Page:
It’s that time of the year again; the majestic season of pumpkin lattes. More importantly, it is time once again for the start of SFL’s Webinar Series.
Through online lectures, we offer support for students who seek opportunities outside their university classrooms to learn more about classical liberalism, discover how they can become better spokespeople for liberty and advance themselves towards liberty-oriented careers and internships. Listening to the lectures is completely free, and students from all over the world are invited to participate.
This year we have decided to combine our webinars that are hosted in the United States with the webinars hosted in Europe for a broader world view of current issues and big-picture incite to professional skill sharpening. Check out our September Webinars below, and make sure to stay tuned in for additions to the schedule later this fall. There’s a lot more to come!
September 11th “A Philosopher’s Guide to the Eurozone Crisis” with Stefan Auer (2:00PM-3:00PM Eastern Time/20:00-21:00 Central European Summer Time)
- Register here: https://www2.gotomeeting.com/register/413178978
- Facebook Event: http://www.facebook.com/events/175293082606368/
- This talk will seek to explain the current Eurozone crisis against the background of EU history and the ideas that shaped it: from Hobbes versus Rousseau; Machiavelli versus Kant; to Carl Schmitt versus Juergen Habermas.
- Dr. Stefan Auer is a Jean Monnet Chair in EU Interdisciplinary Studies and Associate Professor in History and Politics at La Trobe University. He is the author of Whose Liberty is it Anyway? Europe at the Crossroads.
September 18th– “Modern Economics as Subaltern Studies” with Dr. Dan D’Amico (8:00-9:00PM Eastern Time/2:00-3:00AM Central European Summer Time)
- Register here: https://www2.gotomeeting.com/register/593677178
- Facebook: http://www.facebook.com/events/359799210766513/
- Subaltern research; inspired by thinkers such as Antonio Gramsci, progressed by theorists such as Michel Foucault, and most recently refined by writers such as Guyatri Spivak, is a sub-discipline within post-colonial studies. It seeks unique methods and theories to provide a more complete vision of history than those biased narratives residually produced through colonial oppression and human subjugation. Winners of wars typically write the history books, but not necessarily in accurate ways. I argue that the Austrian tradition provides a unique perspective, well-equipped to enter this discourse. To date Austrian thinkers have been predominantly ignored and or dismissed by researchers within the post-colonial project, though much contemporary Austrian research can arguably be described as subaltern in topic and insight. Though researchers deploying Austrian methods have yet to contextualize their work within the subaltern framework.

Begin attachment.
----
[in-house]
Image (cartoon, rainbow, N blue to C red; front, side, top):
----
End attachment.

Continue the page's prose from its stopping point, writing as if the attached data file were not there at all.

- Dr. Dan D’Amico is an Assistant Professor of Economics at Loyola University New Orleans and has received University awards for teaching, research and service. His current research is focused upon applying various political economy perspectives including Austrian Economics, Public Choice and New Institutional Economics to understand the processes of social change surrounding punishment and incarceration through history and in the United States today.
September 25th– “Creating Your Network” with Dr. Nigel Ashford (2:00PM-3:00PM Eastern Time/20:00-21:00 Central European Summer Time)
- Register here: https://www2.gotomeeting.com/register/356183546
- Facebook: https://www.facebook.com/events/520015564679558/
- Why network? Because networks are people communicating with each other, sharing ideas, information and resources. As students for liberty this is an important aspect of our mission. Therefore this webinar will explain the value and skills of networking.
- Dr. Nigel Ashford is senior program officer at the Institute for Humane Studies and works on many of the Institute’s educational programs. He joined IHS from the United Kingdom where he was professor of politics and Jean Monnet Scholar in European Integration at Staffordshire University, England. He is the author of Principles for a Free Society.